Old Testament Wisdom
The didactic books constitute the third group of writings in the Old Testament. They teach man to organize his personal, earthly life in such a way that it will be blessed by God and by men, and may give him prosperity and peace of soul. The wisdom which proceeds from God imparts such a life.
When Solomon, beginning his reign, offered up his prayers and burnt sacrifices, God appeared to him at night and said: “Ask, what am I to give thee” (cf. 1 Kings 3:5). And Solomon asked God only for wisdom and knowledge, in order that he might rule the people of God. And God said to Solomon, “Because thou hast not asked for riches, property, glory, victories, or long life, but hast asked for wisdom and knowledge, wisdom and knowledge shall be given thee; and I shall also give thee such riches, possessions and glory as former kings have never had, nor will have after thee” (cf. 1 Kings 3:11-13).
The didactic books are full of practical advice about how to establish one’s life and the life of one’s family intelligently, wisely, in the fear of God, in righteousness, honesty, labor and abstinence, and how to be a useful participant in society. These precepts are extremely instructive, apt, and true. In their expression there is much imagery, liveliness, and wit; although, of course, one encounters statements which accord with the requirements of distant times, and with customs which are foreign to us. Practical guidance for everyday life constitutes the characteristic feature of the Old Testament teaching on wisdom.
However, it would be a mistake to think that Biblical wisdom is the wisdom of earthly prosperity. The Bible sees true wisdom in humble devotion to God in the most severe sufferings and in recognizing the unfathomable nature of God’s ways when suffering innocently. I myself came forth naked from my mother’s womb, naked also shall I depart hence; the Lord hath given, the Lord hath taken away. As it seemed good to the Lord, so hath it come to pass: blessed be the name of the Lord… If we have received good things from the hand of the Lord, shall we not endure evil things? (Job 1:21; 2:10). This is the wisdom of the righteous Job. But there is no true wisdom in the dialectical logic of his friends, for the very reason that they self-confidently consider that they understand God’s thoughts. In their arguments there is what could be called rationalism based on a religious foundation. They are told to ask forgiveness of God through Job.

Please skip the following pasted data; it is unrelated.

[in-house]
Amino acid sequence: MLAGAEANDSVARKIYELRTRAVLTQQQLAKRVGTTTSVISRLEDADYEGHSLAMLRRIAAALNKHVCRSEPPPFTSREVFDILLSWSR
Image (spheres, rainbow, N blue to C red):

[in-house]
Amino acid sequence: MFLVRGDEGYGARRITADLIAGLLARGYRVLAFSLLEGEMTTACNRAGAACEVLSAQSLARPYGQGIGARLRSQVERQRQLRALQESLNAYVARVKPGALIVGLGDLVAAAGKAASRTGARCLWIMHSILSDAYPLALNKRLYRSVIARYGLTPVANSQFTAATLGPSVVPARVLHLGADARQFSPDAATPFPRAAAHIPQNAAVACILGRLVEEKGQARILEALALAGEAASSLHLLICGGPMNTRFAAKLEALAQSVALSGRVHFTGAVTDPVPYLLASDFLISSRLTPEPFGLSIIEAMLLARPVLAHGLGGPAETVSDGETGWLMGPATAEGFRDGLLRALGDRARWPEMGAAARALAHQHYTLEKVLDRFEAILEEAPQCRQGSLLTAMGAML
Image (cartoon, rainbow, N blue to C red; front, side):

However attractive prosperity, wealth, success, or glory may be, it is senseless to become attached to anything of this sort; such is the conclusion of Solomon’s wisdom. Death awaits everyone, and then it will appear that everything was only an outward show, only vanity, “vanity of vanities, all is vanity!” (Eccles. 1:2).
There is in life something higher, more valuable, more worthy of praise, which comes from wisdom. This is the striving to know the works of God, to study nature, and finally, the striving for pure knowledge: To know the composition of the world, and the operation of the elements; the beginning, end and midst of the times, the alterations of the turning of the sun, and changes of the seasons; the cycles of the years and the positions of stars; the natures of living creatures, and the tempers of wild beasts, the violence of winds and the reasonings of men; the diversities of plants, and the virtues of roots… And should a man desire much experience, she (wisdom) knoweth things of old, and doth portray what is to come; she knoweth the subtleties of speeches and can expound dark sentences; she foreknoweth signs and wonders, and the issue of seasons and times… And if one love righteousness, her labors are virtues; for she teacheth temperance and prudence, justice and fortitude, which are such things as men can have nothing more profitable in their life (Wis. 7:17-20; 8:8; 8:7). Here is a recognition of the degrees of knowledge in its many branches.